When I first encountered Geni.com, I was intrigued by the site’s concept of a collaborative family tree. So I wanted to take a closer look at the Geni World Family Tree.
The Geni.com website was a little tricky to figure out, so this article covers all the questions that I had to go searching elsewhere for answers.
What Is The Geni World Family Tree?
The Geni World Tree is a collaborative family tree that aims to represent all people in the world. The goal is to merge and curate tree profiles added by Geni members into a single tree.
It’s important to understand that you don’t “own” a tree on Geni.com. When you start a family tree on Geni, your first entries are usually not already within the World Tree. These tree profiles are disconnected from the World Tree.
Geni Tree Matches
As you enter your grandparents and prior generations, Geni.com looks for matches to existing profiles in the World Tree. When a Tree Match is suggested, you are asked to review whether the World Tree profile is the same individual that you entered.
Although reviewing an automated Tree Match is a paid feature, free membership allows you to search for profiles that match entries you created. If you find a match, you can proceed to the next step of merging duplicate profiles.
Merging Tree Profiles
Geni’s goal is that there are no duplicate profiles in the World Tree. Any duplicate that you have entered should be merged into a single entry. At this point, the tree that you started on Geni is now part of the World Family Tree. This allows other Geni members to collaborate with you and edit public profiles that you connect to the World Tree.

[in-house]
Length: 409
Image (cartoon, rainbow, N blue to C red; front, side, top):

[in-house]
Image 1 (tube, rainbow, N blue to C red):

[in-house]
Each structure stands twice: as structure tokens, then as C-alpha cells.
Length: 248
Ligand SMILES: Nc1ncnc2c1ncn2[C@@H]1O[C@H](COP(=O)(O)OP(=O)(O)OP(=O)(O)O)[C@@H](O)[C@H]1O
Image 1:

Where Is The Geni World Family Tree?
When I signed up with Geni, I couldn’t figure out how to see the World Family Tree. I clicked through all the top bar menus in vain. So I ran an internet search for “where is the Geni World Family Tree”.
An old help page said I should see a link at the bottom of my tree. Well, I looked and couldn’t find it. It took a few more minutes searching to find someone mentioning the direct link.
Fast forward to when I was preparing to write this article. I wanted some corporate details about the company behind Geni.com. So, I looked around for the About page. It was down in the footer of the website, which isn’t unusual. And there, nestled in the footer where nobody looks for features, is the link to the World Family Tree.
I mean, come on! Who looks at website footers? But the help page was right: the link is down at the bottom of my tree area. And at the bottom of every other page on the website. So, I’m going to give a better Q&A.
How Do You Find The World Family Tree on Geni.com?
There is a link to Geni’s World Family Tree in the footer of the Geni.com website. You can access the link from every website page.
You don’t have to be a member or be logged in to view the World Family Tree. The access page shows statistics about how many profiles are connected to the World Tree. You can watch this tick upwards – I presume this is real-time.
You can also access the Famous People list from this page.
How Do I Know If I’m Connected To The Geni.com World Tree?
This question also puzzled me when I first uploaded a tree to Geni.com. I couldn’t tell if I was working independently or had magically joined the fabled World Tree. I’m not an idiot, so my conclusion is that Geni.com is not a user-friendly website.